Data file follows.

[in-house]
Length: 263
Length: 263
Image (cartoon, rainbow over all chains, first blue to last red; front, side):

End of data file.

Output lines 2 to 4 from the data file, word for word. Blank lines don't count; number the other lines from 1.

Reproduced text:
Length: 263
Length: 263
Image (cartoon, rainbow over all chains, first blue to last red; front, side):